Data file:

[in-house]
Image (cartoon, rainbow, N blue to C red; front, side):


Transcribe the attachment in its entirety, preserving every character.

[in-house]
Image (cartoon, rainbow, N blue to C red; front, side):